Comment by Rob

Isn’t this one of your “in theory, in practice” statements Rob?

In theory what you’re saying is right but in practice, the agencies/clients you’re talking about choose safety, process or media brainwashing over doing something more pragmatic and meaningful?

I agree with what you and Dave are saying, I just don’t think it’s something everyone will agree with you on.

PS) You make a lovely Oprah.

Comment by Pete

Could be Pete … and probably is to a certain extent … but as I said to George in his comment above, a lot of the issues stem from fear and ego rather than a genuine desire to help shareholders get their just rewards. Not always, but more often than people would probably like to admit to.

Comment by Rob

Ah the “people would probably like to admit it” argument. I haven’t found many people who want to admit ANYTHING. Most clients and agencies (we know who we’re talking about) wouldn’t run with a great idea if it gave them a three day head start. Risk aversion is a great strategy here.The Oprah vision is just plain scary!

Comment by Terry

Good comments by both George and Peter, but your point about needing to understand why something happened and what actions you take because of it are key to the effective management, and improvement, of your corporate reputation.

Enjoyable post Robert, though I doubt FCB will be worrying W+K anytime soon.

Comment by Lee Hill

It’s true what you say about BBH’s (and W+K’s) understanding that one’s reputation is built on sand, which breeds a relentless pushing for greatness in the organisation.

As Nigel Bogle eloquently puts it: “Big is a collection of smalls.” So true when it comes to reputation.

Comment by fredrik sarnblad

You do realise ‘smalls’ is a euphamism for underwear don’t you Freddie. Are you saying Mr Bogle is a closet perv or am I lowering the standard again?

Comment by Rob

I needn’t answer that Rob.

Comment by fredrik sarnblad

Good idea Freddie, now Mr B has all those Publicis millions, you don’t want to get drawn into a lengthy and costly legal battle.

Comment by Rob

Great put down Fred

Comment by northern

by far the smartest thing you ever said.
p.s. oprah may be the new worlds worst talk show host especially after the indescribably bad show on india.

Comment by swati

The smartest thing I’ve said? That I’ve EVER said? To be honest, I have to disagree with you because without doubt the smartest thing I’ve ever actually uttered was “Will you marry me?” to my wife.

Unfortunately for her, she repiled with the most stupid thing she ever said. “Yes”.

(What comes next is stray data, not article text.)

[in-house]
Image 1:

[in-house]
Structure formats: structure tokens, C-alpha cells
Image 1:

Comment by Rob

in my attempt to compliment i have failed…
i dont know how to give a compliment and you clearly do not know how to take one…
so i agree…this is NOT the smartest thing that you have ever said…
the fact remains the simple point that you have made here about how to view mistakes and handle them is refreshing…to much time is spent by individuals and companies focussing on how to avoid mistakes when they are bound to commit them…
to focus on not making a mistake is futile…so what you said above is really rather good…

Comment by swati

Whatever either of us is trying to say, it’s nice to have you back and commenting and I hope all is tops.

Comment by Rob

I hope my wife sees this, it might be the first genuinely romantic thing I’ve ever done for her. Ha.

Comment by Rob

What about the amount of time you stay away from home?

Comment by John

Nice John. Very nice.

Comment by Rob

So you’re a planner suggesting that crap firms can turn themselves around with a better strategy? Shit the bed.

So is DFS a crap firm pushing a better strategy, or a great firm jumping off a cliff? http://bitly.com/MWKMXb

Comment by Tim Burley (@timburley)

I suffered some of the worst moments of my career working on DFS and what really wound me up was the fact it was a great firm that just needed to tell the truth about itself.
I’ve seen this ad at least 20 times before, from who I used to work for, from agencies doing ‘speculative work’, thank God it’s finally been made. Although it bugs me that Weetablix an John Lewis have done this kind of thing much better in the meantime while this company recline on it’s chaise longue trotting out the word sale in as many ways as it could
This film is sweet though and reminds me of my little boy, but that’s just me.